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I am fairly new to guitar, and I've been learning the basic chords for a month and so now, and I came across this yesterday, when trying to learn a song. enter image description here

It says it starts with an E minor, but that doesn't look like an E minor. Are chords different in finger styling?

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Most times, yes, Em open is played with just the two notes fretted on the A and D strings, 2nd fret.

However - E minor is made up from just three notes - E G and B. They could be played as a three string chord on guitar, or, could be doubled up or even tripled - which is what happens to the E notes in the chord you know. But - by losing the top E and replacing it with a top G? Well, we still have the same three notes, just a different mix! It's called a different voicing, and is quite permissable and correct - just not the one shown in most books to beginners!

An excercise I use with students is to consider the notes making up a chord, and find each one on a convenient string. When all 5 or 6 are accomodated, look at the shape. It's probably one that's very familiar! Have a try with some triads - GBD is a nice one. It'll help you understand why chord shapes are like they are on guitar.

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  • Thank you, this was very helpful. One more question though, if E minor is made up from E G and B, how is it that holding A and D on the second fret and strumming all the strings considered an E minor? Also, Is it better to start learning early what notes make up chords if I am into finger styling? – user65342 Jan 4 at 16:57
  • We're not holding A and D - we're holding the A and D strings on 2nd fret, which in turn produce notes B and E. Like I suggested, try spelling a chord, note by note, and find those notes on different strings, close enough to be all played together - you've made a chord! (NOT the A and B strings in your comment!). – Tim Jan 4 at 17:01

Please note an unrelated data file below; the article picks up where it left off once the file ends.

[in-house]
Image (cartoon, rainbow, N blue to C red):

• Oh, I get it now!!, I tried spelling a G chord, which turned out to be G B and G, and an A Major is C# A and E. Hopefully that's correct! thank you so much, this helped me a lot – user65342 Jan 4 at 17:13
  • What you've just achieved is far more valuable than you maybe realise! And where did D disappear to in G major? – Tim Jan 4 at 17:14
  • Isn't the G chord supposed to be played like that? Lowest E 3rd fret, A 2nd fret and Highest E 3rd fret, which comes to G B and G? – user65342 Jan 4 at 17:28
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That’s an Em chord. Any chord that has the notes E, G, B is an E minor chord, and if E is the lowest note, its chord symbol is ”Em”. (If, say, G was the lowest note, it would be a so-called inversion and the chord symbol would be ”Em/G”.)

The sounding notes at the start are E, G, B and G as the high melody note.

  • E string open (0) : E (lowest note, bass note)
  • A string : not played, no note
  • D string : not played, no note